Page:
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Debt Free Journey

Why I Use Credit Cards During my Debt Free Journey
Money Management

Why I Use Credit Cards During my Debt Free Journey

Why I Use Credit Cards During my Debt Free Journey

Now, I know this probably sounds totally crazy. This girl is in massive student loan debt, $127k right now to be exact, and she’s going into more debt?! And I know, I am a Dave Ramsey follower, and I do follow the baby steps that he outlines, I’m currently on baby step 2. But even those, I don’t follow exactly because I can’t give up the compounding interest I’ll benefit from by starting my investments now, even if they are small. So no, I don’t use the envelope system he preaches, and maybe that doesn’t make me a true DR follower, but when I tell you my reasons, I think it is more than justified.

Why I Use Credit Cards During my Debt Free Journey

Of course, I follow a very strict budget each month, one of which includes paying my credit cards in full each month. This is the only time using a credit card is beneficial. If you ever pay any interest on your cards, you’re losing money. No matter how great your rewards are, if you pay interest, it’s not worth it. The habit you are developing of not paying your card in full is much worse in the long run. Set it to auto pay in full and never turn back. When you don’t pay interest on your cards and only reap the benefits of a rewards credit card, it is totally worth it to use them instead of an envelope system. Currently I use my rewards strictly as cash back that goes directly to my student loans. I earn FREE money just for using the card because I am paying my card in full each month. Just using this strategy alone, I’ve applied $400 in cash back to my student loans in the last two years. I’d say that’s worth it, but I also never even think about carrying a balance.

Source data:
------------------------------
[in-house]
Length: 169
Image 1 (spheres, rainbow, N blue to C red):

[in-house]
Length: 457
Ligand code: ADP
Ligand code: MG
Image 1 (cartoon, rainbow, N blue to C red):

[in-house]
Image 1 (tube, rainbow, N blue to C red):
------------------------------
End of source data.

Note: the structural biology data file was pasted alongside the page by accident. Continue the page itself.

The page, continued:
Why I Don’t Recommend This to Everyone

This strategy will absolutely not work for everyone and I don’t recommend this if you are working to pay off credit card debt. My only debt I have is student loans and I’ve never had credit card debt, except the amount I pay each month. If you are someone that is working your way out of or have had credit card debt in the past, then I absolutely don’t agree with you using any type of credit. If you know you have had issues with credit cards in the past, it is a horrible rabbit hole to fall down again. You definitely don’t want to open yourself up to potentially getting back into debt or increase your current debt.

This won’t work for everyone, and of course it is not recommended for people that strictly follow the Dave Ramsey model. But, this works for me and has been a great tool to pay off a chunk of my debt. So, where do you stand on using credit cards?

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Student Loans

Debt Free Journey Update: $36,342 Paid Off

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I graduated from graduate school in August 2015 with about $200k in student loans from undergrad and grad school.  My private loans went into repayment on November 2nd, 2015 and my private loans in March 2016. My debt free journey has been going on for exactly one year. I truly can’t believe it’s already been a year and I think it’s super important to reflect on my first year of repayment to see ways I can improve my current plan.